Contractor

Construction technology predictions

Ryan Kunisch Director of Global Marketing and Product Management Trimble

Ryan Kunisch, Director of Global Marketing / Product Management, Trimble.

This year technology will continue to provide increased accuracy, flexibility and jobsite safety, while also further connecting the field to the office and, ultimately, helping construction companies build better products, faster.

SPECIFIC PREDICTIONS INCLUDE Building Information Modelling (BIM) and building a Constructible Model.

For years, construction companies have realised the benefits of modelling software. These days it’s fairly typical to see companies using software to take third-party information from a design package and create a model for use in the field. The next generation of civil engineering and construction software will provide a much broader scope of capabilities.

The goal is to build a Constructible Model with rich “intelligent” data that will serve as the foundation of how contractors plan and execute construction projects. With intelligent modelling, users can add and remove information on the fly while simultaneously looking at multiple ways to perform construction work instead of making manual modifications. The ability to build constructible models is significant because it will enable designers and engineers to run multiple scenarios quickly and easily that accurately translate to a constructible model that contractors can effectively build against.

In addition to building and sharing high-quality models, modelling technology is also evolving to allow design scenarios to be visualised beyond the confines of 3D. Better-integrated camera systems that capture 360-degree digital panoramas and geospatial information will share information with 3D modelling software packages.

Pairing this sort of interactive modelling with ‘intelligent’ data frees engineers and architects to quickly analyse changes and “what if” design scenarios in the context of the physical environment. The potential impact is huge for saving time on rework, accelerating the building phase, and ultimately producing higher-quality projects.

A ‘connected’ worksite

In 2016 and beyond, the construction industry will continue to see technology that brings more visibility and connectivity across a project. The ‘connected’ worksite continues to develop throughout the entire construction workflow.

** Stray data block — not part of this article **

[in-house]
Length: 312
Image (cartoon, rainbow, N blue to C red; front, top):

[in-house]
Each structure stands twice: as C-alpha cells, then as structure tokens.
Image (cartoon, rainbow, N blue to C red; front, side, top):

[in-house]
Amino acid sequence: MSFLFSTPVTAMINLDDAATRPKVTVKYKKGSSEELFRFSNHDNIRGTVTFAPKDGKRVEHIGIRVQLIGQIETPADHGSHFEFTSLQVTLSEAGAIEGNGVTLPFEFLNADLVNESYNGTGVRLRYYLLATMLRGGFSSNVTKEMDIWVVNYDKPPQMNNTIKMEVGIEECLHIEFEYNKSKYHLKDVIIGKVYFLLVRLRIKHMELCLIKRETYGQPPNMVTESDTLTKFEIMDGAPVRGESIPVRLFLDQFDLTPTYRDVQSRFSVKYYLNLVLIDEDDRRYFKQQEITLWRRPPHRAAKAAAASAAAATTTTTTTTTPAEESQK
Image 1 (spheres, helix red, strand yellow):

Today, contractors can take a plan that was created in one software application and use it in another application to track how teams are performing against that plan. As the office becomes more connected to the field, the need intensifies for a more holistic view of the job site, each person, and every machine’s progress to plan. Additional machines, assets and individuals are required to connect into the GPS-enabled digital job site ecosystem.

With a digital construction site, contractors can optimise earlier project planning phases and close the loop between real time information from the field and the office. Developments in this area will offer improvements in planning and more up-to-the-minute scheduling.

Increased automation and training

Keep an eye on the push to integrate GPS or GNSS positioning technology beyond the surveyor and the machine. GPS is more than just the data point it produces; the value it provides is its application to quality, progress, increased efficiency and safety on the construction project. Effectively harnessed, these factors will drive competitive advantage for any construction business.

With an aging workforce and tighter integration of GPS technology and construction equipment, the industry will also continue to see an emphasis on providing more education and training opportunities for individuals earlier in their career path. Scarcity of experienced machine operators in the construction space makes this particularly significant.

With a greater emphasis on training, less experienced operators proficient in machine control technology can save contractors money by performing higher accuracy work ahead of schedule. Using machine control and 3D design models in the cab of the machine, operators are able to become more productive and self-sufficient, and are able to grade more accurately the first time around.

The big picture

When it comes down to it, even the most sophisticated and cutting-edge construction technology is only as good as the people who are using it. Contractors who value their personnel and provide technology training early and often will see the biggest benefits on the job site. The future looks bright for contractors who make an effort to add more value to their machines, while also empowering everyone on the jobsite.

With the ability to build meaningful constructible models that crews can work from more productively and safely, contractors will be able to optimise workflows in terms of planning, design, scheduling, construction and maintenance better than ever in the year ahead.

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